Five more days passed as I waited in the same way. The embassy had run out of patience and started to communicate with the Interior and Justice Ministries to get them to speed up my release. The police were telling me that I have to go back to my country but the embassy was not aware of this. There was no clarification why I should go back to Europe. My brother came to visit me, booked me a return ticket and gave it to me. I asked to go home to collect my things. I had been living in that house for years. My life is there. They told me that it was not possible, that there was no time and that I had to go directly to the airport. They also refused to give me back my phone.
A National Security officer came the next day to accompany me to the airport. I said goodbye to my fellow detainees — we had become close by then. Some of my friends had gathered in front of the police station to say goodbye to me before I left. The officer treated me well and gave me a chance to say goodbye to them. At the airport, I had to wait for the plane in a detention room. It was horrible and filthy. Overall, I had spent 27 days at the Dokki police station.
I am telling my story now because my fellow detainees asked me before I left to tell their stories and the circumstances of their detention to those outside those walls. People might say that Giulio Regeni is an individual case, but he’s not. Other foreigners have been subjected to many violations at the hands of the Interior Ministry and even more Egyptians are subjected to the same violations.”
(Interview conducted by: Mohamed al-Kashef)
In June 2015, Firas was headed to Mesaha Square in Dokki to meet a person he had been conversing with online.
Faris siad in an interivew conducted by one of EIPR’s researchers: “He had asked me to buy condoms and some supplies for the evening. I went there with these things — which were later confiscated as evidence for the case — and I waited. He was late, so I sent him a message saying that he’s late and that I have the right to leave, and he replied apologizing and blaming the traffic.
Later, a black car with a driver stopped. I could see a driver as well as a passenger in the backseat. He asked me to sit next to him and said that we would go to his place. The car took a turn around Mesaha Square. It was then that I was surprised by a checkpoint. One of the men at the checkpoint was saying to park there and addressed him in such a way that I understood he was a police officer. I opened the car door to try and escape but seven or eight people chased me. They caught me and beat me up, insulting me with the worst words possible. They tied my left hand and tried to tie my right. I resisted. At that moment I saw a person coming from a police microbus with a baton. I was scared to be hit on my face so I gave in. Then they took me to the microbus as they continued to beat me. They took me to the Mogamma and into the elevator up to the 8th floor.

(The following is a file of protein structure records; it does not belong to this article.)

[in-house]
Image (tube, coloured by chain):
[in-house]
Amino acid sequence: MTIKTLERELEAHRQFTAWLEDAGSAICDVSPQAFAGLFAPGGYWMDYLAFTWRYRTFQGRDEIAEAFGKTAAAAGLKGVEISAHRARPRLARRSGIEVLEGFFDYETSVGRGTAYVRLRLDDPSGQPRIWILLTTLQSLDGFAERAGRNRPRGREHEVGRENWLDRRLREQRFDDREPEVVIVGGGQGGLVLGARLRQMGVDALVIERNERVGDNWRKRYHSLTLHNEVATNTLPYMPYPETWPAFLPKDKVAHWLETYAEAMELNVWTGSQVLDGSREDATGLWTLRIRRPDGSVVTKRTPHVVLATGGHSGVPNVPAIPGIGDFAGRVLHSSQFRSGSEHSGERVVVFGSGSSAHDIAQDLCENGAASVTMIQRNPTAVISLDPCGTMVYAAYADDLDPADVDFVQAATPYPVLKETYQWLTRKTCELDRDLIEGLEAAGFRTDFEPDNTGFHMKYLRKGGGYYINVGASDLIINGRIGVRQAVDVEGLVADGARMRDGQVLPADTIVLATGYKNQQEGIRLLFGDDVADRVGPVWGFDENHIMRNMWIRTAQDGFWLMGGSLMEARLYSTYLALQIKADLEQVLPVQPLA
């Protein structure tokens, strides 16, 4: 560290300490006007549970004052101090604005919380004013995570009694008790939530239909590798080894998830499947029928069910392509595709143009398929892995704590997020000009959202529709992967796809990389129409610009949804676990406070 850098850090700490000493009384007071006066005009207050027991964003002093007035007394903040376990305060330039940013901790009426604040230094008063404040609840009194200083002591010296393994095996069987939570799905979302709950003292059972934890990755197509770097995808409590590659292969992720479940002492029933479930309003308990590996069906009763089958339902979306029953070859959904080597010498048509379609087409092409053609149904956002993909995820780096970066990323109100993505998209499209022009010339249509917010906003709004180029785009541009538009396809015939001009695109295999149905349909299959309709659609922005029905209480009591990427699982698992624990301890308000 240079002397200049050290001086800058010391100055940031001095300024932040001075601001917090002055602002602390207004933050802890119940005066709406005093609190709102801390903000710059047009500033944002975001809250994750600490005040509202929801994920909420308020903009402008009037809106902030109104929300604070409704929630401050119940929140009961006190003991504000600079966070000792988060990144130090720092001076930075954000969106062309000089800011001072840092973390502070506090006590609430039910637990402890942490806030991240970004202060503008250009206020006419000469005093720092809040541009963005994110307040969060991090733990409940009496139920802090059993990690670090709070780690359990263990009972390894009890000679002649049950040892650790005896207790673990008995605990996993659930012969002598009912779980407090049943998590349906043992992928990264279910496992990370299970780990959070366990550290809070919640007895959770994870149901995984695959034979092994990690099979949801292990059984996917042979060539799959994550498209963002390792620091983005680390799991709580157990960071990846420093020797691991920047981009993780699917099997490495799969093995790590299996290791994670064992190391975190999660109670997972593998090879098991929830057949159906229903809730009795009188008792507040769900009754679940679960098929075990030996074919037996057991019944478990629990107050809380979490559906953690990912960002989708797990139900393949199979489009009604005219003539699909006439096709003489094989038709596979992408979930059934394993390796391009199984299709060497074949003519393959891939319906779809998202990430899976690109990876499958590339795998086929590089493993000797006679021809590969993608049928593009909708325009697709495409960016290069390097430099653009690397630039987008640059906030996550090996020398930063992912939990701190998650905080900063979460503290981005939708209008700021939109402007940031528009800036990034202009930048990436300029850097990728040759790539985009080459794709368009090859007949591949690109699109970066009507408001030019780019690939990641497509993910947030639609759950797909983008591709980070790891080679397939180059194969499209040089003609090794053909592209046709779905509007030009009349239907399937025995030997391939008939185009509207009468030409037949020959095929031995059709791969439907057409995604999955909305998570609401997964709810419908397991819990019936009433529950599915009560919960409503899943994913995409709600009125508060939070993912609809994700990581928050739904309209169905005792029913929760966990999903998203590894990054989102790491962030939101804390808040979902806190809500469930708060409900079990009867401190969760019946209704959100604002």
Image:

There, I met an officer of a rank higher than the one who had tricked me. His name was Tamer. He asked me to turn on my phone and enter my password. They took my personal chats with friends and acquaintances and printed them out. I spent the night there. The next day they told me that they would take me straight to the prosecution and as a favour to me they would not take me to the police station. Officer Tamer came to me and gently asked me to tell the prosecution a story in which I confess to being gay and to having been assaulted when I was younger — the incident that supposedly turned me gay — and that I regret what I have done. He convinced me that this was in my best interest, and believing him I agreed.
Upon my return from prosecution, I thought I would be taken back to the Mogamma but I saw that I was being taken to Dokki police station, which really disturbed me. I was so frightened that I started crying. There was a shift officer at the station with his colleagues reading a print out of my chats. As soon as they saw me, they started to insult me. One of them beat me up as the others continued to laugh until I was led to detention.
There I found that there are two kinds of detention. One is luxurious and air conditioned and is where people with wealth and connections stay. I stayed there the first night. The other one is bad and small has no furniture. The next day they took me to the Forensic Authority and a doctor examined me and wrote a medical report that the officer with me took. He asked me about the truth of the report. I didn't reply because I had no idea what was in the report. He beat me and insulted me. He then took me to the police station and there they transferred me to the second kind of detention with murderers and drug dealers. I found out who the prison warden was and paid him LE100 so that I wouldn’t be made to sleep next to the toilet and so he would treat me well. At first, the other detainees treated me better because I paid money but later they just treated me well because I had been in detention with them for some time. Officers came three times a day to check on the detainees and they threw a “beating party” for me and insulted me every two or three days.
After three weeks, there was a verdict against me and a one year sentence. The lawyer appealed and, about six weeks after my arrest, the Court of Appeal acquitted me. I spent two weeks after that at the police station where they denied me visitation rights and denied having me in their custody. I didn’t know that then, and I didn’t see any of my friends and I was running out of money.